I am going to use your last version with the “14 days” as a fixed value. Too bad though, that there is no way to relatively say “look at the next row”. In Google sheet this is possible, but I still like to get to know more and more airtable. Is there any chance that such a function might be possible in the future?

@Marc_Loskill Not likely. Airtable has many features that are similar to spreadsheets, but underneath it all its design is much closer to a database, where records don’t necessarily have a set order until they are retrieved and sorted for specific purposes. Airtable’s default grid view creates an impression of order, with records appearing to be “before” or “after” other records, but even when a view has been set to sort the records a specific way, the order has no inherent meaning at the data level, and records have no default connection to other records. It’s a key point to know that distinguishes databases from spreadsheets, and it occasionally leads to some debate over whether or not Airtable should provide some default record-to-record connection/relationship. While the developers do try to occasionally add features that make it more friendly to folks coming from a world of spreadsheets, my personal feeling is that this particular behavior isn’t likely to change.

While typing that up, I thought about another way to address this issue. It’s not necessarily better, but may help you to understand some of Airtable’s inner workings more deeply. This solution involves linking to another table, and the most logical way that I could think of to incorporate that would be to build a table for all of the webinars that you plan on hosting/producing. Even if it’s only one webinar for now, there’s some benefit to having general data about the webinar in its own space, plus it opens the door for this other solution.

I made a `[Webinars]` table for this purpose and made a single record in that table. I then made a link field in the other table—which I’m calling `[Webinar Sessions]` for now—and set that to link to records in `[Webinars]`. I won’t get into the nitty gritty of link fields, but if you’re not familiar with them, I recommend checking out this overview:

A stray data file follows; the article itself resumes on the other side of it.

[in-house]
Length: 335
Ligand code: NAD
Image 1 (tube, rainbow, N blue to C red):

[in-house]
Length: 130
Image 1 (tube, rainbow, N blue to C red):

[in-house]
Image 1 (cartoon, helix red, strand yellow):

In that field, I linked each webinar session record to the lone webinar record from the `[Webinars]` table. With that done, it looks like this:

Over in the `[Webinars]` table, that lone record looks like this, with incoming links from all session records in the first field.

In this table I can add a rollup field. Rollup fields are designed to process data from linked records. This is done by targeting a single field from the table that’s the source of the linked records, and then telling Airtable what you want to do with the data collected from that field.

I’ll start setting up the rollup field like this, telling it to give me the contents of the `{Webinar date}` field:

One of the options that you see there is to restrict the collected data to records that match a certain criteria. Switch that on, then set it as follows:

That isolates those records for webinars in the future.

Now we need to add an aggregation formula. This tells Airtable how to process the data collected from those fields—in this case, the collection of webinar dates that are later than today. We can find the earliest of those dates with the `MIN()` function, which returns the lowest option in a collection (in this case, the lowest/earliest date). The data collected is made available in the formula via the “values” keyword, so the aggregation formula becomes this:

``````MIN(values)
``````

The aggregation formula field defaults to simple formulas like this, so just start typing “min” and you’ll see the list of suggested options pare down. When you see “MIN(values)” appear, you can either click it with the mouse to insert it, or use the cursor up/down keys to select it and then hit Enter.

With that set and the rollup field saved, we have this:

Now no matter how close or far apart you schedule your webinar sessions, you can always see the one coming up next in that rollup field.

BTW, there’s also a way to take this info and get the same “Yes”/“No” output in the `[Webinar Sessions]` table. If you want to go that far, let me know.

18 - Pluto

You can also take Justin’s solution one step further and pass that “Next Date” back to the Webinar Session records with another rollup. Then have each Webinar Session record compare its date with that “Next Date for Webinar” to see if it is the next one or not. That way you can view and filter for the “Next Date” records in the original Webinar Sessions table.